SIMON: HBO says, look, it's not a documentary. But, of course, real people are involved. And you and I can only guess about how hurtful it must be to see yourself portrayed that way on screen.

DEGGANS: Yeah. Well, we're talking about two different things here. You know, one of the things we're talking about is the fact that people tend to watch these shows that are based on real events, and they come away feeling like they've learned something about the event from watching the limited series. So people are going to watch this, and they're going to think these people acted like this in - during the time that was portrayed. And as much as HBO wants to say that this is fictionalization - you know, people are going to do that. But there's also kind of a legal standard.

And, you know, getting to the point where you can prove that their image was distorted enough that a public figure can say this was defamatory - I think that's going to be really difficult. And, you know, HBO actually released a statement that it gave to The Hollywood Reporter, where it said, quote, "HBO has a long history of producing compelling content drawn from actual facts and events that are fictionalized for dramatic purposes. 'Winning Time' is not a documentary and has not been presented as such."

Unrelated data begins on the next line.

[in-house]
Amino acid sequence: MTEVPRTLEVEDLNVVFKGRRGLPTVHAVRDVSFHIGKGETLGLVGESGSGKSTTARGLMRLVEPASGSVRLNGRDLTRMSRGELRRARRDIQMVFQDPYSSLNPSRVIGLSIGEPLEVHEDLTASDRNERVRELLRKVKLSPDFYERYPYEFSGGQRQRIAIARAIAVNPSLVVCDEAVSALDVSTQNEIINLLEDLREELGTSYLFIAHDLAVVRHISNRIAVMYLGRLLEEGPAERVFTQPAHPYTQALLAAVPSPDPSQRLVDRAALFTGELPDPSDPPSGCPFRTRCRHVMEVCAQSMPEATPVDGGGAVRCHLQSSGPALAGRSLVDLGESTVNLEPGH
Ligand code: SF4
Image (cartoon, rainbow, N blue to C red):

SIMON: I feel moved to ask a certain question. I mean, I've sometimes interviewed public figures over the years, have seen themselves portrayed in some kind of miniseries. And I remember one man - who was a former government official - who said, you know, they came over to my house. They talked to me. They tried to get my accent. They tried to get the way I dressed. They even asked me to take out old clothes. They got all of that right. What they didn't get right was what actually happened.

DEGGANS: (Laughter) Right. Well, what's that saying? Never let the facts get in the way of a good story. I think when you watch "Winning Time," especially, what you see is that the things that they did that the participants say, you know, didn't happen are things that were done to accentuate and accelerate and intensify the story. The problem is that people are going to watch all of this, and they're going to assume all of this stuff happened. And, you know, if I was Jerry West and they showed me taking my MVP trophy...

SIMON: Yeah.

DEGGANS: ...And throwing it through a window and breaking it, and you didn't do it, you know, that would make me upset.

SIMON: NPR's TV critic Eric Deggans - however, always good to talk to you. Thanks so much for being with us.

DEGGANS: That's right. You don't have to worry about me throwing any awards through a window.

(LAUGHTER)

SIMON: Oh, good.

DEGGANS: Thanks a lot. Transcript provided by NPR, Copyright NPR.

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Eric Deggans is NPR's first full-time TV critic.